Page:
Difference between revisions of "Orbital hybridisation"

From Citizendium
Jump to: navigation, search
m
m (Big Cleanup)
Line 1: Line 1:
 
<!-- This article uses -ise spelling(i.e. ...i*s*ation instead of i*z*ation) because it was originally written that way.  Please do not change the spellings to the -ize variant.  
 
<!-- This article uses -ise spelling(i.e. ...i*s*ation instead of i*z*ation) because it was originally written that way.  Please do not change the spellings to the -ize variant.  
  
-->[[Image:Sp3-Orbital.png|thumb|150px|four sp³ orbitals]]
 
[[Image:Sp2-Orbital.png|thumb|150px|three sp² orbitals]]
 
 
In [[chemistry]], '''hybridisation''' or '''hybridization''' (see also [[spelling differences]]) is the concept of mixing [[atomic orbital]]s to form new ''hybrid orbitals'' suitable for the qualitative description of atomic bonding properties.  Hybridised orbitals are very useful in the explanation of the shape of [[molecular orbital]]s for [[molecule]]s. It is an integral part of [[valence bond theory]] and the [[VSEPR|valence shell electron-pair repulsion (VSEPR) theory]] <ref>Clayden, Greeves, Warren, Wothers. ''Organic Chemistry.'' Oxford University Press (2001), ISBN 0-19-850346-6.</ref> <ref>''Organic chemistry'' John McMurry 2nd Ed. ISBN 0534079687</ref>.
 
In [[chemistry]], '''hybridisation''' or '''hybridization''' (see also [[spelling differences]]) is the concept of mixing [[atomic orbital]]s to form new ''hybrid orbitals'' suitable for the qualitative description of atomic bonding properties.  Hybridised orbitals are very useful in the explanation of the shape of [[molecular orbital]]s for [[molecule]]s. It is an integral part of [[valence bond theory]] and the [[VSEPR|valence shell electron-pair repulsion (VSEPR) theory]] <ref>Clayden, Greeves, Warren, Wothers. ''Organic Chemistry.'' Oxford University Press (2001), ISBN 0-19-850346-6.</ref> <ref>''Organic chemistry'' John McMurry 2nd Ed. ISBN 0534079687</ref>.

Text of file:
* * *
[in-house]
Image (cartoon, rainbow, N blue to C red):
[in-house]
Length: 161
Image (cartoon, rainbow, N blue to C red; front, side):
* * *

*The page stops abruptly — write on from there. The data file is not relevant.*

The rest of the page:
Line 79: Line 77:
 
== sp<sup>2</sup> hybrids ==
 
== sp<sup>2</sup> hybrids ==
 
Other carbon based compounds and other molecules may be explained in a similar way as methane, take for example [[ethene]] (C<sub>2</sub>H<sub>4</sub>). Ethene has a double bond between the carbons. The Lewis structure looks like this:
 
Other carbon based compounds and other molecules may be explained in a similar way as methane, take for example [[ethene]] (C<sub>2</sub>H<sub>4</sub>). Ethene has a double bond between the carbons. The Lewis structure looks like this:
 
[[Image:Ethene.png|Ethene Lewis Structure. Each C bonded to two hydrogens and one double bond between them.]]
 
  
 
Carbon will sp<sup>2</sup> hybridise, because hybrid orbitals will form only sigma bonds and one [[pi bond]] is required for the [[covalent bond|double bond]] between the carbons. The hydrogen-carbon bonds are all of equal strength and length, which agrees with experimental data.
 
Carbon will sp<sup>2</sup> hybridise, because hybrid orbitals will form only sigma bonds and one [[pi bond]] is required for the [[covalent bond|double bond]] between the carbons. The hydrogen-carbon bonds are all of equal strength and length, which agrees with experimental data.
Line 137: Line 133:
 
* [http://www.mhhe.com/physsci/chemistry/essentialchemistry/flash/hybrv18.swf Hybridisation flash movie]
 
* [http://www.mhhe.com/physsci/chemistry/essentialchemistry/flash/hybrv18.swf Hybridisation flash movie]
  
[[Category:Chemical bonding]]
 
[[Category:Quantum chemistry]]
 
[[Category:Stereochemistry]]
 
 
[[Category:Chemistry Workgroup]]
 
[[Category:Chemistry Workgroup]]
[[Category: CZ Live]]
 

Revision as of 15:19, 31 March 2007